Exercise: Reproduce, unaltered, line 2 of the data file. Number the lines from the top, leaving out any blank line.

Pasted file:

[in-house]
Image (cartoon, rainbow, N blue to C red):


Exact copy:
Image (cartoon, rainbow, N blue to C red):